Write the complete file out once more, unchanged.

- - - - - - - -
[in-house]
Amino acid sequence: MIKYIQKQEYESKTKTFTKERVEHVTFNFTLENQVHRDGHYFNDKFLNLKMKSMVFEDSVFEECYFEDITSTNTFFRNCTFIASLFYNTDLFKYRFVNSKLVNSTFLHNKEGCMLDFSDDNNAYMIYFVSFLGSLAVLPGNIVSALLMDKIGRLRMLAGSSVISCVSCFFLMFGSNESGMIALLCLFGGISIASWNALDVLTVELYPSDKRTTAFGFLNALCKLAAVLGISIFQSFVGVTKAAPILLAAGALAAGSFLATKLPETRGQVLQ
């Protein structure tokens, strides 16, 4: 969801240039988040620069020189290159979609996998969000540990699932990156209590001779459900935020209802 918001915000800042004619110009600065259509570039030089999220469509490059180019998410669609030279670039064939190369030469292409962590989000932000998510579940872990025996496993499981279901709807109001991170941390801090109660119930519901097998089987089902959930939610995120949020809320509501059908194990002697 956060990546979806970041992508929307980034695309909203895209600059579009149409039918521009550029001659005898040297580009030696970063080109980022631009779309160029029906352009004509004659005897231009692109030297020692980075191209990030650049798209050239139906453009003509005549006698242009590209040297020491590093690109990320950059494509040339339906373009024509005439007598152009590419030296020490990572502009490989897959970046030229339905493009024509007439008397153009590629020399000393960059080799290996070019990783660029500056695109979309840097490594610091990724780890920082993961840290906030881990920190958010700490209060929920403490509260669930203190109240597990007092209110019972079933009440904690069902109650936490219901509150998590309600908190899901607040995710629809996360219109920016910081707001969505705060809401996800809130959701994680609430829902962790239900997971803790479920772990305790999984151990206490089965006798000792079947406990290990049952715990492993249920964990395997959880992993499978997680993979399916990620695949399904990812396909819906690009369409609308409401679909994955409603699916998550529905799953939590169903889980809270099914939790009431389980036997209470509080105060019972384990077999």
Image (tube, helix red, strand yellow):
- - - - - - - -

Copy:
[in-house]
Amino acid sequence: MIKYIQKQEYESKTKTFTKERVEHVTFNFTLENQVHRDGHYFNDKFLNLKMKSMVFEDSVFEECYFEDITSTNTFFRNCTFIASLFYNTDLFKYRFVNSKLVNSTFLHNKEGCMLDFSDDNNAYMIYFVSFLGSLAVLPGNIVSALLMDKIGRLRMLAGSSVISCVSCFFLMFGSNESGMIALLCLFGGISIASWNALDVLTVELYPSDKRTTAFGFLNALCKLAAVLGISIFQSFVGVTKAAPILLAAGALAAGSFLATKLPETRGQVLQ
């Protein structure tokens, strides 16, 4: 969801240039988040620069020189290159979609996998969000540990699932990156209590001779459900935020209802 918001915000800042004619110009600065259509570039030089999220469509490059180019998410669609030279670039064939190369030469292409962590989000932000998510579940872990025996496993499981279901709807109001991170941390801090109660119930519901097998089987089902959930939610995120949020809320509501059908194990002697 956060990546979806970041992508929307980034695309909203895209600059579009149409039918521009550029001659005898040297580009030696970063080109980022631009779309160029029906352009004509004659005897231009692109030297020692980075191209990030650049798209050239139906453009003509005549006698242009590209040297020491590093690109990320950059494509040339339906373009024509005439007598152009590419030296020490990572502009490989897959970046030229339905493009024509007439008397153009590629020399000393960059080799290996070019990783660029500056695109979309840097490594610091990724780890920082993961840290906030881990920190958010700490209060929920403490509260669930203190109240597990007092209110019972079933009440904690069902109650936490219901509150998590309600908190899901607040995710629809996360219109920016910081707001969505705060809401996800809130959701994680609430829902962790239900997971803790479920772990305790999984151990206490089965006798000792079947406990290990049952715990492993249920964990395997959880992993499978997680993979399916990620695949399904990812396909819906690009369409609308409401679909994955409603699916998550529905799953939590169903889980809270099914939790009431389980036997209470509080105060019972384990077999």
Image (tube, helix red, strand yellow):